*The Promise: The list of potential uses is enormous: processing oil at the well, breaking down cellulose for paper, turning cornstarch into plastic, even helping home sink-disposal units treat sewage.  But to gain the public trust, needed to achieve its potential, the industry will need to move slowly and transparently - something it has shown no inclination to do.
*The Peril: Containing bacteria in a lab is relatively straightforward, but when bioengineered bugs end up on the factory floor, they'll be under the care of Homer Simpson.  Accidents will be inevitable.  Environmental activists fear we could enter a new era of infectious disease - one due entirely to our own folly.
*The Prediction: Superbugs will be common - and so will bug accidents. For more, see:

REPORT OF THE WEEK 5 - Newcastle Feeding Trial; Comments by Dr Antoniou
The Newcastle Study shows that intact gene DNA survives the acidic environment of the stomach and enters the small intestine.  Once in the small intestine, there was also evidence found that intact (and functional) GM gene DNA enters bacteria. Yes, they did not find it in the faeces of normal volunteers suggesting that it ultimately gets degraded in the large bowel. However, the major individual health problem is not what "comes out at the other end" but what goes on inside the gut!  So the risk of a health problem arising from the transfer of GM genes such as antibiotic resistance and Bt toxin to gut bacteria still stands.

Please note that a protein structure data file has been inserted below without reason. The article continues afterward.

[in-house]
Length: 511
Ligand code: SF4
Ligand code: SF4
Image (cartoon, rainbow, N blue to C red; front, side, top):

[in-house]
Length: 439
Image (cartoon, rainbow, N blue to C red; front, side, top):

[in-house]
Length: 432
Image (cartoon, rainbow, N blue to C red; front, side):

...the Newcastle study entailed only ONE GM soy containing meal, which can hardly be called statistically significant but which yet showed up these very worrying findings, all of which were hotly denied as possible in the past.

Finally, the Newcastle study failed to carry out experiments with simulated diarrhoea conditions (eg administering a laxative) to assess whether bacteria containing GM genes would then be present in the faeces and released into the environment to pose a yet further problem for us all by for example spreading antibiotic resistant pathogenic bacteria into the environment.

Follow-up work to this initial investigation clearly needs to be initiated involving the monitoring of a proper large cohort of people over a prolonged period of time (at least 6 months) where GM foods form a dominant component (>50%)  of their diet, including foods containing antibiotic resistance marker genes (which the GM soya used in the Newcastle study did not contain).  Simulated diarrhoea trials must also be carried out.

HEADLINES OF THE WEEK: from the NGIN archive
19 March 2003
Your genetically modified future
German could face standards watchdog over GMcrops row
Now Syngenta boss quits!
Thai rice farmersprotest U.S. interference
18 March 2003
Angel of Death lingers on/Uniting for Peace
GM Potato Cannot Solve Malnutrition Problems:Experts
17 March 2003
Most EU citizens skeptical about food-relatedbiotechnology: survey
Nestle threatened with GM boycott
GM soy shipment stopped in Oz
FSA challenged over 'spurious and malicious allegations' claim
Rabobank Favours Investments In Transgenic Techin India
China praised for GM-food role as U.S. soy importsfall by 3.5 million tonnes